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ST JOHN'S ARPAFEELIE, TORE

Posted by PAULM594 on Jul 28, 2013 10:26:25 AM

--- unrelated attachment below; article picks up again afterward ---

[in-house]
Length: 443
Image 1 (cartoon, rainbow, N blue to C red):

Arpafeelie Episcopal Church of St John, Knockbain  Description: Arpafeelie Episcopal Church of St John  Category: B Date Listed: 25 March 1971 Historic Scotland Building ID: 7987  OS Grid Coordinates: 261020, 850498 Latitude/Longitude: 57.5232, -4.3223  Location: Arpafeelie, Highland IV1 3XD  Locality: Knockbain County: Highland Country: Scotland Postcode: IV1 3XD       1810-16. Reconstructed Alexander Ross, 1879.  Gothic. Orientated east/west rectangular with gabled porch  to SW and small vestry NE. Rubble with broached and stugged  or broached and droved dressings.  East gable with slightly advanced centre bay with large  3-light simpe perpendicular traceried window, the lower  half of which is blind, flanked by blind Y-traceried windows;  blind cusped window in gable end; cross finial. 3 simple  geometric traceried windows west elevation and 2 east.  2 similar windows with rose window and small double belfry  on west gable. Stained glass in east window; pine fittings;  font from St Andrew's Well Street, London.  Drystone dyked enclosure.  References: Groom, ORDNANCE GAZETTER OF Scotland, iv (1883), p. 447.  EPISCOPAL YEAR BOOK (1918) p. 225. National Monuments  Record of Scotland. Kockbain, a coast parish of SE Ross-shire, whose church stands 1 mile S of Munlochy, and 5¾ miles N by W (via Kessock Ferry) of Inverness, under which there is a post office of Knockbain. Containing also the hamlets of Kessock, Munlochy, and Charleston, each of the two former with a post office under Inverness, it consists of the two ancient parishes of Kilmuir-Wester and Suddie, united in 1756; and it took the name of Knockbain (Gael. enoc-b n, 'white knoll') from the eminence on which its modern church was built. It is bounded NE and E by Avoch, SE by the Moray Firth, S by the Beauly Firth, SW and W by Killearnan, and NW by Urquhart. Its utmost length, from N to S, is 6 miles; its breadth varies between 1¾ and 5¼ miles; and its area is 12, 649 acres, of which 538 are foreshore and 75¾ water. The shore-line, 8 miles long. in the N is deeply indented by Munlochy Bay, and everywhere is fringed by a narrow, low, flat strip- of old sea-margin, from which the surface rises rather rapidly to 633 feet at Ord Hill, 400 at Craigiehow, 482 at Drumderfit Hill, and 566 near Upper Knockbain in the extreme N. The rocks belong to the Old Red Sandstone formation; and the soil is extremely various, comprising sandy or clayish loam, alluvium, gravel, and peat, with here and there a pretty strong pan. Great improvements have been effected since 1850 in the way of reclamation, redraining, building, wire-fencing, etc.; and a largish proportion of the entire area is under plantations. On the Drumderfit ridge above Munlochy are numerous cairns; and a large one on the western part of the ridge is believed to commemorate the Battle of Blair-na-coi ('field of lamentation'), in which, in 1340, the Macdonalds were routed by a night attack of the townsfolk of Inverness. Other antiquities are a vitrified fort on Ord Hill; an earth fort on Craig-caistal, Lundie; 'James's Temple' on Drumderfit; hut circles at Taerdore, Arpafeelie; stone circles at Muirton, Belmadnthie, and the 'Temple;' and cremation burial mounds discovered at Drumnamarg in 1881. General John Randall Mackenzie, who fell at the battle of Talavera in 1809, was a native. Allangrange House, 2 miles SW of Munlochy, is the seat of James Fowler Mackenzie, Esq. (b. 1833; suc. 1849), who holds 2742 acres in the shire, valued at £1693 per annum. Other mansions, noticed separately, are Belmadnthie and Drynie; and the property is divided among 6, 1 holding an annual value of over £4000, 3 of between £1000 and £2000, and 2 of between £400 and £600. Knockbain is in the presbytery of Chanonry and synod of Ross; the living is worth £297. The parish church, enlarged about 1816, contains 750 sittings. There are a Free church and Arpafeelie Episcopal church, St John's (1816; 200 sittings); and Drumsmittal public, Munlochy public, Upper Knockbain public, and Arpafeelie Episcopal schools, with respective accommodation for 120, 140, 117, and 89 children, had (1881) an average attendance of 76, 62, 55, and 58, and grants of £66, 16s., £35, 17s., £42, 4s., and £50, 5s. Valuation (1860) £5176, (1882) £10, 049, 14s. 9d. Pop. (1801) 1859, (1841) 2565, (1861) 2485, (1871) 2155, (1881) 1866, of whom 1071 were Gaelic-speaking.?Ord. Sur., shs. 83, 84, 1881-76.     "KILMUIR WESTER AND SUDDY, an united parish in S.E. of county Ross, now known as Knockbain."   Pre-history   The earliest evidence of human settlement in the area that we now call ?Killearnan? lies in the Neolithic, bronze- and iron-age structures that can be found throughout the area: examples being the chambered tombs at North & South Kilcoy, Carn Glas, the Temple and Carn Iurnan; the hut circles at Cnoc na h-Eireachd; and the Redcastle crannog. Surprisingly, no Pictish, Celtic or early medieval sites have been verified ? although several are assumed, such as the site of the parish church and possible early Culdee chapels at Chapleton and Artafallie. There are also several sites of unknown provenance, including the ?mound? on Gallowhill, the ?castle? at Coulmore and the ?lost cairns? at Croftcrunie.   The Estates   Documentary sources date from medieval times. In 1179 William I built a motte at ?Etherdouer? as part of a line of fortifications protecting the fertile royal estates in Moray against the uprisings of the MacWilliams and MacHeths of Orkney and Caithness. As reward for his role in quelling these incursions, Sir John Bysset of the Aird was granted custody of the motte in 1212.    Sir John?s Bysset?s heirs in 1294 granted land at ?Culcolli? to Sir David de Graham, thus creating the two estates of Etherdouer and Culcowy that today (as Redcastle and Kilcoy) still comprise the greater proportion of Killearnan.  By the 14th century, the lands of Kilcoy and Etherdouer (with its castle, now known as the Reidcastell) had, through marriage, become part of the ?Ardmeanach? (Black Isle) owned by the Black Douglas Earls of Ross, whose principal residence was Ormond Castle, near Avoch. On the executions of the Black Douglases by James II in 1455, the Killearnan estates were annexed back into royal ownership and remained in the possession of the Stuarts until the abdication of Mary Queen of Scots in 1567.   In 1568 the Earl of Moray, Regent to the infant James VI, granted the Reidcastell to Kenneth Mackenzie, 10th Baron of Kintail, for ?valiant actions?. Meanwhile, Kilcoy remained in royal possession, sub-let to Sir Robert Stuart. However, in 1616, Sir Robert sold Kilcoy to raise money to settle the gambling debts of his uncle. The purchaser was Alexander Mackenzie of Kinnock, a grandson of Kenneth Mackenzie of Kintail. Thus, by the early 17th century the Mackenzies had gained possession of both Redcastle and Kilcoy ? establishing lairdships and cadet branches of the clan that remained in ownership of the estates for 222 years (8 generations to 1790) and 351 years (12 generations to 1967) respectively.   In 1682 the Mackenzies of Kilcoy sold the ?lands of Allan? (recorded from the 15th century as ?Meikle Allan?) to Simon Mackenzie of Findon, who became the first laird of the estate now known as Allangrange, part of which lies within Killearnan. Within the Kilcoy estate there was also a castle at Tore, although it is probably best described as a mansion house. Its history is vague but it may have been medieval and was probably re-built circa 1650. It is shown on William Roy?s military map of 1750 and seems no longer to have been required by the Mackenzies from circa 1805 and was demolished by 1870 - not being shown on the 1st series Ordnance Survey maps of 1872. Much of the stone from Tore castle seems to have been re-cycled into the Tore Mains farm steadings.       The Mackenzies were royalists. In consequence, Oliver Cromwell?s parliamentarian forces pursued them in 1649 when Redcastle was sacked and burned. It was rebuilt in circa 1665 and became a Burgh of Barony in 1680. Although it is rumoured that Prince Charles Edward visited Redcastle in 1745 and attempted to persuade the Killearnan-based Mackenzies to join the Jacobites, they played no part in the Battle of Culloden in 1746.    It is not clear exactly when a castle was first built on the Kilcoy estate. It is first recorded in a charter of 1618 but it is thought that it may have been in existence by 1590. The Mackenzies of Kilcoy occupied the castle continuously until 1813 when Colin Mackenzie, who lived and worked in London, removed the roof to save taxes. By 1845 the castle had become ruinous but it was repaired in 1890 by Col John and Isabella Burton-Mackenzie who had inherited the estate in 1869. The Burton-Mackenzies also owned Belmaduthy House in Knockbain where they and their descendants generally lived until it was destroyed by fire in 1935. Although the family moved to Kilcoy, growing debts eventually required the estate to be sold off. The castle was bought by the Eagle Star Insurance Company but they sold it to Ian and Anne Robinson who effected modernisations. After Ian?s death in 1991, Anne sold the castle to its present owners, Mr & Mrs Nicolas McAndrew.   The Redcastle Mackenzies became bankrupt in 1790 and the estate was judicially sold to James Grant of Sheuglie (Glen Urquhart). The Grants prospered from sales of wood and quarry stone and generated a handsome profit when they sold the estate to Sir William Fettes in 1825. Sir William also reaped riches by selling wood for pit props until his death in 1836. His trustees sold the estate in 1839 to Col Hugh Baillie of Tarradale, the neighbouring estate to the west. In 1841 William Burn was commissioned to convert Redcastle from an austere L-tower into a Scots baronial mansion. On the death of Hugh Baillie?s son, Henry, Redcastle was inherited by James Baillie of Dochfour. It remains in the ownership of the Baillies of Dochfour, although they have not lived in it since WW2 when it was requisitioned by the RAF for use as a munitions store. Today, it lies in ruins.   Little is known of the original Meikle Allan or the house, known as Allanbank, which was replaced when Simon Mackenzie built Old Allangrange House in the style of a Georgian mansion in 1760.  After major alterations in 1907 carried out by Robert Scarlett Fraser-Mackenzie (Chief of the Clan Mackenzie), it became known as New Allangrange. Elizabeth Cameron, the well-known botanical artist, and her husband purchased the house in 1950 and the produce of the estate briefly sustained the Black Isle Frozen Foods Company. The Black Isle Brewery is now at Allangrange Mains.    The Churches   Although there is no known physical evidence, it is thought that early Christian ?Culdee? cells were established at Chapleton and Artafallie. These seem to have been dedicated to St Andrew but medieval charters also refer to a St Palmer?s chapel. It is probable that the name ?Killearnan? refers to a monastic ?Cill? (cell) founded by St Iurnan or St Ernan in the 7th century. The parish church is thought to be sited on Pictish foundations, although the earliest visible foundations of the present building date to circa 1390. In 1238 Pope Gregory IX established a prebend at Chanonry, thus founding the parish of Etherdouer that was later to become known as Killearnan. There was also a Knights Hospitallers ?hospital? at Spital Shore, first recorded in 1299. One wall with a triple-lancet window was recorded still standing in 1882 but there are no visible remains today.   The Mackenzies of Redcastle, Kilcoy and Allangrange (jointly, the heritors of the parish) were Episcopalian. Whilst not actively promoting the Reformation of 1560-1690, they were slow to embrace it. In consequence, the parish church and the manse regularly fell into disrepair and several visiting presbyterian ministers were ?rabbled?. There were also periods in which no minister was in post because of disputes with the Presbytery of Chanonry over patronage. Only in 1719 did the parish admit its first truly Presbyterian minister, Rev John McArthur ? but he had to work without a Kirk Session (which was not created until 1744) and endure an ?uninhabitable? manse (as did many of his successors until 1891 when both the church and the manse were renovated).    At the ?Disruption? of 1843, almost all the congregation followed their minister, Rev Donald Kennedy, and joined the Free Church of Scotland, whose fine church at Newton crossroads was opened in 1866. Although only a minority of the Free Church congregation defected to the United Free Church in 1900, a corrugated iron church was erected at Kilcoy in 1908. This building transferred on the merger of the United Free Church with the Church of Scotland in 1933. It subsequently became the parish church hall and was eventually sold in 1985. In 1999 the congregations of Killearnan and Knockbain parish churches formally linked. In 2000, the Free Church also linked, with Maryburgh.   The Killearnan Economy    Historically, the livelihood of the population of Killearnan has always depended on subsistence farming. Medieval records refer to land taxes of 2 merks per year payable by the feudal landlords of Redcastle to the monks of Beauly Priory, acting as the King?s agents. After the annexations of 1455 the Exchequer Rolls of Scotland show the annual rentals payable, for example in 1478 the Kilcoy estate was valued at £39 Scots.